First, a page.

The canonical correlation analysis (CCA) forecast of
SST in the central Pacific (Barnett et al. 1988, Science, 241,
192‑196; Barnston and Ropelewski
1992, J. Climate, 5, 1316‑1345), is shown in Figs. F1 and F2. This forecast is produced routinely by the
Prediction Branch of the Climate Prediction Center. The
predictions from the National Centers for Environmental Prediction (NCEP)
Coupled Forecast System Model (CFS03) are presented in Figs. F3 and
F4a, F4b. Predictions from the
Markov model (Xue, et al. 2000: J. Climate, 13,
849‑871) are shown in Figs. F5 and F6. Predictions from the latest version of the
LDEO model (Chen et al. 2000: Geophys. Res.
Let., 27, 2585‑2587) are shown in Figs. F7
and F8. Predictions using linear inverse modeling (Penland and Magorian 1993: J.
Climate, 6, 1067‑1076) are shown in Figs. F9 and F10. Predictions from the Scripps / Max Planck
Institute (MPI) hybrid coupled model (Barnett et al. 1993: J. Climate, 6,
1545‑1566) are shown in Fig. F11.
Predictions from the ENSO‑CLIPER statistical model (Knaff and Landsea 1997, Wea.
Forecasting, 12, 633‑652) are shown in Fig. F12. Niño 3.4 predictions are summarized in Fig.
F13, provided by the Forecasting and Prediction Research Group of the IRI.
The CPC and the contributors to the Forecast Forum caution
potential users of this predictive information that they can expect only modest
ENSO Alert System Status: El Niño Watch
of El Niño increases during the remainder of the year, exceeding 65% during
during April 2014, but with above-average sea surface temperatures (SST)
developing over much of the eastern tropical Pacific as well as persisting near the International Date Line (Fig. T18). The monthly
SST indices were warmer than average in all regions, except for
T2). The downwelling phase of a strong oceanic Kelvin wave that
began in January greatly increased the oceanic heat content during March and
April, and produced large positive subsurface temperature anomalies across the central and eastern Pacific (Fig. T17). The upper portion of these subsurface anomalies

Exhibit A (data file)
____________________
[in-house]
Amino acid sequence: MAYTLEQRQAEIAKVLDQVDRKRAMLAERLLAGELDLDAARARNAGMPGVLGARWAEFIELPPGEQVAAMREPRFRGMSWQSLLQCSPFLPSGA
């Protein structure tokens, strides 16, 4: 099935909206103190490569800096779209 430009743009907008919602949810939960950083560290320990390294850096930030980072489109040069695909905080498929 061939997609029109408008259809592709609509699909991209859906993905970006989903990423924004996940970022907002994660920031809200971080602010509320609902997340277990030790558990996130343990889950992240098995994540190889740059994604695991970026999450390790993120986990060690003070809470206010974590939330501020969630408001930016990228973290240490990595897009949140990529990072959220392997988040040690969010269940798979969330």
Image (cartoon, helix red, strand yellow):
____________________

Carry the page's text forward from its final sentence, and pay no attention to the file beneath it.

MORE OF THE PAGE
reached the sea surface, warming the waters east of 125ºW longitude. Also
during April, weak low-level westerly wind anomalies were observed over the far
western Pacific, while upper-level easterly anomalies occurred over much of the
Pacific. Convection was enhanced over
the west-central equatorial Pacific (Fig. T25). These
atmospheric and oceanic conditions collectively indicate a continued evolution
toward El Niño.
The model predictions of
ENSO for this summer and beyond are indicating an increased likelihood of El
Niño compared with those from last month.
Most of the models indicate that ENSO-neutral (Niño-3.4 index between
-0.5°C and 0.5°C) will persist through part of the remainder of the Northern
Hemisphere spring 2014 (Figs. F1-F13), most likely
transitioning to El Niño during the summer. There remains uncertainty
as to exactly when El Niño will develop and an even greater uncertainty as to
how strong it may become. This uncertainty is related to the inherently lower
forecast skill of the models for forecasts made in the spring. While
ENSO-neutral is favored for Northern Hemisphere spring, the chance of El Niño
increases during the remainder of the year, exceeding 65% during the summer.
updates of oceanic and atmospheric conditions are available on the Climate
Prediction Center homepage (El
Niño/La Niña Current Conditions and Expert Discussions).